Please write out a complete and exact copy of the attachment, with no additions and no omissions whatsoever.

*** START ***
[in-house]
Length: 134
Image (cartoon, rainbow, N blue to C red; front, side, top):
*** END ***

[in-house]
Length: 134
Image (cartoon, rainbow, N blue to C red; front, side, top):